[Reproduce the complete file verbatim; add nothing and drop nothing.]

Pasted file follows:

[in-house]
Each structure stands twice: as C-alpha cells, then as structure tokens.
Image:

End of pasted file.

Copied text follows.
[in-house]
Each structure stands twice: as C-alpha cells, then as structure tokens.
Image: